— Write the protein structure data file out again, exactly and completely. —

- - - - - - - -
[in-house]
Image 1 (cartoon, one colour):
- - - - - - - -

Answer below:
[in-house]
Image 1 (cartoon, one colour):